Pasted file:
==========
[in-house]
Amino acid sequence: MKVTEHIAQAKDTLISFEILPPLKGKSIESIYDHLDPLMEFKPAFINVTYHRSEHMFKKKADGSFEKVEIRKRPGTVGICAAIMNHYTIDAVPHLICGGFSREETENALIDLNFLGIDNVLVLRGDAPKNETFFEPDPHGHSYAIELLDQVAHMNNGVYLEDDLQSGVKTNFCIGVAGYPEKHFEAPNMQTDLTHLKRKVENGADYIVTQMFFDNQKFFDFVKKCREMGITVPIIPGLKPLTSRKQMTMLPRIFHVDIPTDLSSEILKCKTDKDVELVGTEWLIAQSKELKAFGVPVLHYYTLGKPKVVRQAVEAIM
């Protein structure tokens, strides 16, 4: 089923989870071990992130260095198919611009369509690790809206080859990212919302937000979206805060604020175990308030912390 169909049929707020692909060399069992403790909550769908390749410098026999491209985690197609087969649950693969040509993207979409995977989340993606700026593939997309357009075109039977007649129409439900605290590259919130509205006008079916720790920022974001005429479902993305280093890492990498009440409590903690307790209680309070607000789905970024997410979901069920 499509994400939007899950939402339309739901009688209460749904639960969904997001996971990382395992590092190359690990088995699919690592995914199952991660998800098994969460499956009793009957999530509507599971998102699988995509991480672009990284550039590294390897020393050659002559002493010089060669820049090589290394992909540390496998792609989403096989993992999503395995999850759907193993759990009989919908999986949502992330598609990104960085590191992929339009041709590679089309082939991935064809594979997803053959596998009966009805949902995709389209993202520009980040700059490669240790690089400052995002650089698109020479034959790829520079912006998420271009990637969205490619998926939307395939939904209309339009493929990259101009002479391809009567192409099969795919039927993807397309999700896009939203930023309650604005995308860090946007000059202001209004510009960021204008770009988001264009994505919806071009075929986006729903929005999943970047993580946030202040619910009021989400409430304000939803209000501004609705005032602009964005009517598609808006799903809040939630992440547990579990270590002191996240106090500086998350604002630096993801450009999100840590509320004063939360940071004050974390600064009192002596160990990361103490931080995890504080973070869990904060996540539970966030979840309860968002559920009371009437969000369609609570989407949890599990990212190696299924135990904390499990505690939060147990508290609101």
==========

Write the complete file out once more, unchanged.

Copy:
[in-house]
Amino acid sequence: MKVTEHIAQAKDTLISFEILPPLKGKSIESIYDHLDPLMEFKPAFINVTYHRSEHMFKKKADGSFEKVEIRKRPGTVGICAAIMNHYTIDAVPHLICGGFSREETENALIDLNFLGIDNVLVLRGDAPKNETFFEPDPHGHSYAIELLDQVAHMNNGVYLEDDLQSGVKTNFCIGVAGYPEKHFEAPNMQTDLTHLKRKVENGADYIVTQMFFDNQKFFDFVKKCREMGITVPIIPGLKPLTSRKQMTMLPRIFHVDIPTDLSSEILKCKTDKDVELVGTEWLIAQSKELKAFGVPVLHYYTLGKPKVVRQAVEAIM
């Protein structure tokens, strides 16, 4: 089923989870071990992130260095198919611009369509690790809206080859990212919302937000979206805060604020175990308030912390 169909049929707020692909060399069992403790909550769908390749410098026999491209985690197609087969649950693969040509993207979409995977989340993606700026593939997309357009075109039977007649129409439900605290590259919130509205006008079916720790920022974001005429479902993305280093890492990498009440409590903690307790209680309070607000789905970024997410979901069920 499509994400939007899950939402339309739901009688209460749904639960969904997001996971990382395992590092190359690990088995699919690592995914199952991660998800098994969460499956009793009957999530509507599971998102699988995509991480672009990284550039590294390897020393050659002559002493010089060669820049090589290394992909540390496998792609989403096989993992999503395995999850759907193993759990009989919908999986949502992330598609990104960085590191992929339009041709590679089309082939991935064809594979997803053959596998009966009805949902995709389209993202520009980040700059490669240790690089400052995002650089698109020479034959790829520079912006998420271009990637969205490619998926939307395939939904209309339009493929990259101009002479391809009567192409099969795919039927993807397309999700896009939203930023309650604005995308860090946007000059202001209004510009960021204008770009988001264009994505919806071009075929986006729903929005999943970047993580946030202040619910009021989400409430304000939803209000501004609705005032602009964005009517598609808006799903809040939630992440547990579990270590002191996240106090500086998350604002630096993801450009999100840590509320004063939360940071004050974390600064009192002596160990990361103490931080995890504080973070869990904060996540539970966030979840309860968002559920009371009437969000369609609570989407949890599990990212190696299924135990904390499990505690939060147990508290609101």